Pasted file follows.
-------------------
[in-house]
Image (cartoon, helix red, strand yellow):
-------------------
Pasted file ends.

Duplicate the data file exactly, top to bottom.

[in-house]
Image (cartoon, helix red, strand yellow):